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On this day in 1995: Rioting England fans force Ireland friendly to be abandoned

The Republic of Ireland were leading 1-0 when the match was called off after 27 minutes due to crowd trouble at Lansdowne Road in Dublin.

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On this day in 1995, Rioting England fans forced a Dublin friendly to be abandoned after 27 minutes (Martin McCullough/PA)

On this day in 1995, Rioting England fans forced a Dublin friendly to be abandoned after 27 minutes (Martin McCullough/PA)

On this day in 1995, Rioting England fans forced a Dublin friendly to be abandoned after 27 minutes (Martin McCullough/PA)

On this day in 1995, rioting England fans forced a Dublin friendly to be abandoned after 27 minutes with the Republic of Ireland leading 1-0 at the time.

The shameful scenes at Lansdowne Road were a dark moment in the history of English football, with a number of fans suffering injuries and 40 people arrested.

With England trailing, some fans in the upper west stand started ripping up seats and benches before hurling them at Irish supporters below. It later emerged that far-right groups had bought tickets for the match to cause trouble.

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The match in Dublin was called off following crowd trouble (Martin McCullough/PA)

The match in Dublin was called off following crowd trouble (Martin McCullough/PA)

PA

The match in Dublin was called off following crowd trouble (Martin McCullough/PA)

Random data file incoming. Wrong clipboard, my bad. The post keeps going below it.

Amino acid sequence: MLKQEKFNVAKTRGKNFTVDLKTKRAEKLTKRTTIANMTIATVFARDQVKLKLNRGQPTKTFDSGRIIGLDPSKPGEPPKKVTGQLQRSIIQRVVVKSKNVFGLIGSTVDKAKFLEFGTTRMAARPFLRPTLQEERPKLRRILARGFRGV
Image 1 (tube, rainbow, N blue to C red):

Ireland were leading 1-0 through David Kelly’s 22nd-minute strike, but it was soon after England midfielder David Platt had a goal ruled out for offside in the 27th minute that crowd trouble forced the game to be stopped.

There was a 12-minute delay as the players left the field before the match was called off despite pleas from Ireland manager Jack Charlton and his England counterpart Terry Venables.

There were eight players in the Ireland starting line-up for the match who had been born in England.

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Republic of Ireland manager Jack Charlton had called for calm (Martin McCullough/PA)

Republic of Ireland manager Jack Charlton had called for calm (Martin McCullough/PA)

PA

Republic of Ireland manager Jack Charlton had called for calm (Martin McCullough/PA)

Charlton, a World Cup winner with England, said at the time: “I’ve seen a lot in football but I’ve never seen anything like that. Every Englishman should be ashamed.”

There was an official public inquiry in the wake of the trouble by former chief justice of Ireland, Thomas Finlay, where it was concluded that the violence was caused only by England fans, without any provocation.

Ireland and England did not play each other again for another 18 years following the abandoned friendly.


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